Body scoring your horse is a great way to assess their weight objectively. It involves observing the overall fat covering in three separate areas: the neck, body, and hindquarters. Looking at weight and condition in this way is much more useful than weight taping alone as horses don’t carry fat evenly over their body and may get build-ups in different areas.
How do I body score my horse?
There are three areas you need to visually inspect and feel to determine your horse’s body condition score:
1. Neck and shoulders
Looking at your horse’s neck, can you see the shape of the muscles there? Have a feel along the crest and take note of whether it feels thickened or if there is hard fat present. Can it be wobbled from side to side? You should be able to feel the tubular nuchal ligament that’s near the top of the mane, along the length of the neck.
Take your hand and run it down the neck and onto the shoulder, does it stop when you meet the shoulder blade? Can you clearly see the shoulder? Fat can build up both in front and behind the shoulder blade which will make your hand move smoothly over it.
Run your hand over your horse’s ribs, can you feel them with a slight pressure? Or do you have to press firmly? If you have to really push for them or can’t feel them at all, this indicates a large amount of fat covering them. Take your hand and run it over their back, can you feel the backbone and is there a visible curve present? With overweight horses, fat can build up and be higher than the spine which will create a gutter.
Next up you should have a feel over their hip bones, pelvis, and tail head. These should all be easily felt and seen with a thin layer of fat present. If they appear very prominent, the horse is underweight. Taking a look at your horse from behind, the quarters should be slightly rounded. If they are apple-shaped with a gutter, your horse is carrying too much fat here. In contrast, if they drop away at an angle, this indicates not enough fat coverage.
Horse body condition score chart
Following the advice above to inspect your horse, get a pen and paper at the ready and score each area using the chart below:
0 – Emaciated
- Skin is tight over bones with no fatty tissue felt
- Individual bones are clearly seen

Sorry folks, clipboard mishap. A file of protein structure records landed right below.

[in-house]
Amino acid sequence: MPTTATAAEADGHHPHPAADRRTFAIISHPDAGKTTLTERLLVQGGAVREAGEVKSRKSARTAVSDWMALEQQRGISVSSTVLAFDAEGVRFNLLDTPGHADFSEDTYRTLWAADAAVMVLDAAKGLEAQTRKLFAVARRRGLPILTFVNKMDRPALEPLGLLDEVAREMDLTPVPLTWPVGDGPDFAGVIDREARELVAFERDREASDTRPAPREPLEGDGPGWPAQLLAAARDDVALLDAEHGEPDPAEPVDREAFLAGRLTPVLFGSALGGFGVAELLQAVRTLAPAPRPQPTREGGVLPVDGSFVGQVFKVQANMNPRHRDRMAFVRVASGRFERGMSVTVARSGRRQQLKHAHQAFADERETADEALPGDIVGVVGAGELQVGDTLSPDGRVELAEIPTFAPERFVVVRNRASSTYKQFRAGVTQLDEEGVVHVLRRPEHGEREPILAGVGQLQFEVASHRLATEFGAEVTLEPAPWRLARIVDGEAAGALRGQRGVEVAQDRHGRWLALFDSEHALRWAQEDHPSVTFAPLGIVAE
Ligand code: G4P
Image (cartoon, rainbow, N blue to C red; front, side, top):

- Marked ewe-neck
- Extremely prominent backbone and pelvis
- Very sunken rump
- Big gap between the thighs
- Deep cavity under the tail
1 – Very thin
- Shape of bones visible with little fatty tissue
- Narrow ewe-neck
- Visible ribs
- Prominent backbone, croup, and tail head
- Cavity under tail
- Sunken rump
- Gap between thighs
2 – Very lean
- Thin layer of fat under the skin
- Narrow neck with very defined muscles
- Backbone covered but protruding
- Withers, shoulders and neck accentuated
- Ribs slightly visible
- Hip bones can be seen but appear rounded
- Rump sloping from backbone to hips, may be rounded if very fit
3 – Healthy weight
- Thin layer of fat under the skin
- Less defined muscles on the neck
- Shoulders and neck appear to blend smoothly into the body
- Flat back or forms a slight ridge
- Ribs can’t be seen, but are easily felt
- Rump starts to appear rounded
- Hip bones are just visible
4 – Fat
- Muscles are hard to determine
- Spongy fat developing on the crest
- Fat present behind shoulders
- Hard to feel the ribs and pelvis
- Well-rounded rump which looks apple-shaped from behind
- Gutter along back
5 – Obese
- Blocky and bloated in appearance
- Muscles not visible
- Pronounced crest with hard fat
- Pads of fat present
- Unable to feel ribs
- Deep gutter along back and rump
- Lumps of fat around the tail head
- Bulging apple-shaped rump
- Inner thighs pressing together
In an ideal world, all horses should be around a score of 2.5 -3. If your horse is at a 4 body condition score or higher, it is time to take immediate action as they are at a high risk of laminitis. Horses that have had laminitis in the past should never be above a body score of 3, whereas chronic laminitis shouldn’t ever get above a 2.5.
It is a good idea to use body condition scoring in conjunction with weight taping, doing both around every two weeks to closely monitor weight gain or loss. Be aware that weigh tapes are not the most accurate and can vary depending on which one you use, so ensure you use the same one throughout your readings. For a more accurate understanding of your horse’s weight, weighbridges are best.
If you are worried about your horse’s weight, contact your vet right away. They will be able to work with you to create an action plan to help your horse meet their goal weight in a healthy and controlled manner.